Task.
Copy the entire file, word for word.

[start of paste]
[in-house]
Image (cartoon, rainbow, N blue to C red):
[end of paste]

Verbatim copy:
[in-house]
Image (cartoon, rainbow, N blue to C red):